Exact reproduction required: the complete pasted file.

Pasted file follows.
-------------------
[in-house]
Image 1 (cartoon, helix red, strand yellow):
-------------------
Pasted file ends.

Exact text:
[in-house]
Image 1 (cartoon, helix red, strand yellow):